Archive for January, 2010

Episodes 106 and 107- January 31, 2010

Posted in criminal forensics, darkweb, Show Notes, Vulnerabilities with tags , , , , , on January 31, 2010 by datasecurityblog

After some experiments with posting our new radio show, we return to our classic podcast sound.   If you were a fan of the Data Security Podcast, you will recognize the familiar sound in The CyberJungle from now on. Thanks for enduring the experimental phase.  We tried to edit out portions where the radio station played popular music under our voices.  Legally necessary, but we acknowledge that the result was choppy. There are also certain required live radio elements made the podcast versions longer than they needed to be.

If want the full radio show,   radio station KOH can legally post it and they retain full radio versions of The CyberJungle.  And of course, you can  listen live on Saturday mornings.  If you’re interested in a shorter show with just the meat and potatoes, get it here on our website.

On with the show notes:

Episode 106 is The CyberJungle’s su root interview for the technically advanced listener. Mandiant’s Rob Lee on the APT – advanced persistent threat.  Attacks used to be short-term and removable.  Now they burrow in for months or years, for the purpose of ongoing theft.  Episode 106 is the 30-minute, unedited version.  The short version of the interview can be heard in episode 107.  It starts roughly 40 minutes into the show.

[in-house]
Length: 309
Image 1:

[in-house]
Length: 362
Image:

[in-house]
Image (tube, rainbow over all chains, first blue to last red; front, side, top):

Mandiant allows you to  download a copy of Rob Lee’s report here.

In Episode 107 we discuss the week’s top story – In “Digital Combat, U.S. Finds No Easy Deterrent”

A conference-room war game featuring sophisticated cyberattacks left top military officials perplexed. This article discusses the apparent head-scratching in the Pentagon over how to respond to digital threats to national security. The problem – at least in part – seems that the U.S. government is still using the language of conventional war.  Two things are troubling. First, a gee-whiz quality to this piece suggests that this is the first time the U.S. military is considering these challenges. It’s certainly not, but the portrayal of top military brass as stuck in low gear on this issue is unsettling at best. Second, it muses about an attack on the grid, OR the banking system, OR the emergency communication system.  Doesn’t venture any possibility of a “digital pearl harbor”  featuring these events simultaneously.

We also talked with Peter Eckersly of EFF. He’s heading up a project that measures your computer’s unique configuration…. and calculates whether you’re easy to track (even when you shut off cookies and do the other “prudent” things that should prevent tracking, but don’t). EFF is seeking participants in this analysis. You can get a uniqueness rating ad participate in the experiment. And no, they will not use your computer’s fingerprint for any other purpose.

Our conversation with Peter Eckersly starts about 15 minutes into Episode 107.

Speaking of tracking… the Google Toolbar appears to be spying on you even after you disable it.  No matter what Google says.  Read Ben Edelman’s account of his own exploration of  this matter. Ben says he followed Google’s instructions and found he was still being scrutinized.

More news from the week:

International survey: IT Security managers see disaster looming. The takeaway from this 40-page report, Critical Infrastructure in the Age of Cyber War :  Top management just doesn’t get it.